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Re: lack of model theory for errors in built-ins

From: Michael Kifer <kifer@cs.sunysb.edu>
Date: Tue, 05 Feb 2008 01:04:15 -0500
To: Chris Welty <cawelty@gmail.com>
Cc: Jos de Bruijn <debruijn@inf.unibz.it>, RIF WG <public-rif-wg@w3.org>
Message-ID: <25075.1202191455@cs.sunysb.edu>


> OK, I see.  I read this thread in reverse order.  This proposal does boil
> down to adding a third truth value as Michael pointed out.
> 
> I think the problem is caused by trying to propagate the error through
> the truth valuation.  Let's talk about it tomorrow.

Please do it the last thing in the telecon so that I could disconnect and
go off to do something useful.


	--michael  


> -Chris
> 
> Jos de Bruijn wrote:
> > Dear all,
> > 
> > In the telephone conference last Tuesday I mentioned that I had an idea 
> > for dealing with errors in built-in predicates and functions by not 
> > defining the semantics in case errors occur.
> > 
> > My proposed solution is the following:
> > 
> > For the purpose of this definition I assume that built-in predicates and 
> > functions are written as ' Builtin ( ' Uniterm ' ) ', following the 
> > proposal "syntactic representation of built-ins in RIF" at [1].
> > 
> > The definition of basic semantic structures is extended as follows:
> > I(Builtin(f(t1 ... tn))=IFb(f)(I(t1),...,I(tn))
> > ITruth(Builtin(r ( t1 ... tn ))) = IRb(r)(I(t1),...,I(tn))
> > 
> > This is merely a routine extension of the interpretation of terms and 
> > atomic formulas to that of built-in terms and atomic formulas. Note that 
> > we use the mappings IFb and IRb for the interpretation of built-in 
> > functions and predicates; it would have also been possible to extend the 
> > current interpretation functions, but in this case are both that 
> > introducing new mappings which make things clearer.
> > 
> > Now for the interpretation of built-in functions and predicates:
> > 
> > IFb is a mapping from Const to partial functions from D* into D
> >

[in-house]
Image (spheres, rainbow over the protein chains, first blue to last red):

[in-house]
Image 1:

> > IRb is a mapping from Const to partial truth-valued mappings D*   TV
> > 
> > Note that the difference with the definitions of IF and IR is that the 
> > functions and truth value mappings are *partial*.
> > 
> > A consequence of the fact that these mappings are partial is that the 
> > truth valuation function ITruth may become undefined in case any errors 
> > in built-in functions or predicates occur.
> > 
> > 
> > Let's now consider satisfaction of rules, which is defined as follows 
> > (from the document):
> > 
> >  I |= then :- if
> > 
> > iff ITruth(then) =t ITruth(if).
> > 
> > If ITruth(then) or ITruth(if) is undefined, ITruth(then) =t ITruth(if) 
> > will also be undefined.  Therefore, I |= then :- if is undefined.  This 
> > extends to satisfaction of rule sets I |= R.
> > 
> > Now consider an entailment, which is defined as follows:
> > 
> >  S |= f
> > 
> > iff for every semantic structure I, such that I |= S, it is the case 
> > that Itruth(f)=t.
> > 
> > If there is an error in the rule set S, then I |= S is undefined, so 
> > clearly S |= f is undefined.  If there is an error in f, then clearly 
> > ITruth(f) is undefined, so S |= f is undefined.
> > 
> > So, the model theory simply does not interpret rule sets or conditions 
> > with errors in built-ins.
> > 
> > We should probably include a remark saying that implementations should 
> > return an error whenever they encounter a rule set which is not 
> > interpreted.
> > 
> > Best, Jos
> > 
> > [1] http://www.w3.org/2005/rules/wg/wiki/List_of_BLD_built-ins
> 
> -- 
> Dr. Christopher A. Welty                    IBM Watson Research Center
> +1.914.784.7055                             19 Skyline Dr.
> cawelty@gmail.com                           Hawthorne, NY 10532
> http://www.research.ibm.com/people/w/welty
> 
> 
Received on Tuesday, 5 February 2008 06:05:23 GMT

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